Let me stipulate from the start that this post is not about selective charter schools. It is, instead, about those charter schools that are supposed to be providing a broader alternative to our “failing public schools.”
From Chicago comes the following data. At the city’s charter schools in 2012-2013, 307 students were expelled. At the city’s public schools, 182 students were expelled. The proportion is even more dramatic when one considers that enrollment in the charter schools is about 50,000 while enrollment in the public schools is over 350,000. So, in the charter schools, about 61 students were expelled out of every 10,000 enrolled, whereas in the public schools, only about five students were expelled out of every 10,000 enrolled.
If charter schools were being presented as a much more selective alternative to the public schools, these numbers would be, perhaps, more understandable and acceptable. But when the charter schools are being presented as simply a blanket alternative to the public schools, these numbers should be very disturbing.
If the most salient evidence of the perceived failure of the public schools in poor urban districts is the declining graduation rate, then expelling more students would seem only to be making that problem worse. But, if expelled students are excluded from the data on graduation rates, because their failure to graduate is a result of their irresponsibility and not some quantifiable inadequacy of the education that they have received, then a reason for the disparity in rates of expulsion becomes much clearer.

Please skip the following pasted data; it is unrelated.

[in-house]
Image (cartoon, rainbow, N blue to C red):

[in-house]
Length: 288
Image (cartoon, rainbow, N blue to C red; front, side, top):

If you are trying to educate students whose backgrounds and current circumstances make them very challenging to educate, then one way of improving a school’s perceived performance is to cull the students with whom you are least likely to have success, who are most likely to fail.
But it goes even further than that. In Wisconsin, a study titled “Habitual Truancy and School Report Cards in Milwaukee Schools” has shown that, among factors affecting standardized test scores, “habitual truancy” is by a wide margin the most significant factor, with the experience of teachers ranking a distant second in its impact on scores.
Moreover, the study shows that the average performance on standardized tests of students in charter schools has been greatly enhanced by the aggressive expulsion of students who are classifiable as “habitual truants.”
Worse, the average performance on standardized tests of students in the public schools has been significantly decreased not only by much lower expulsion rates for the students most at risk of dropping out, but also by those schools absorbing many of the at-risk students who have been expelled from the charter schools.
Indeed, given that the performance on standardized tests of students enrolled in charter schools is often not much better, if any better at all, than that of the public school students, one wonders what the average scores would look like if the charter schools were committed, as most public schools are, to the education of all students, including those most challenging to educate.